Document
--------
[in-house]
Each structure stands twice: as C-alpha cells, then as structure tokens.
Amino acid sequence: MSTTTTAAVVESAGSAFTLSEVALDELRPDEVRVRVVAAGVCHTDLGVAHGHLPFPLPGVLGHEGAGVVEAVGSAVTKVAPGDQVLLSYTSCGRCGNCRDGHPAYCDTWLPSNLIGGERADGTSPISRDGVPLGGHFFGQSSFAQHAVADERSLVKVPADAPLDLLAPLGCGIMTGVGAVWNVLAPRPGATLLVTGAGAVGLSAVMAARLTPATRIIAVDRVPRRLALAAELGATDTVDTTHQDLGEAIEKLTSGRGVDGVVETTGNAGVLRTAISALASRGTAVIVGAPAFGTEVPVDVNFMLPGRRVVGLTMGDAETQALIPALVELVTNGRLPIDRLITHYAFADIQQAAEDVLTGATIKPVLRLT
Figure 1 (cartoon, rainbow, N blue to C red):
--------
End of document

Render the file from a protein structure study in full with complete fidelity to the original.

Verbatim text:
[in-house]
Each structure stands twice: as C-alpha cells, then as structure tokens.
Amino acid sequence: MSTTTTAAVVESAGSAFTLSEVALDELRPDEVRVRVVAAGVCHTDLGVAHGHLPFPLPGVLGHEGAGVVEAVGSAVTKVAPGDQVLLSYTSCGRCGNCRDGHPAYCDTWLPSNLIGGERADGTSPISRDGVPLGGHFFGQSSFAQHAVADERSLVKVPADAPLDLLAPLGCGIMTGVGAVWNVLAPRPGATLLVTGAGAVGLSAVMAARLTPATRIIAVDRVPRRLALAAELGATDTVDTTHQDLGEAIEKLTSGRGVDGVVETTGNAGVLRTAISALASRGTAVIVGAPAFGTEVPVDVNFMLPGRRVVGLTMGDAETQALIPALVELVTNGRLPIDRLITHYAFADIQQAAEDVLTGATIKPVLRLT
Figure 1 (cartoon, rainbow, N blue to C red):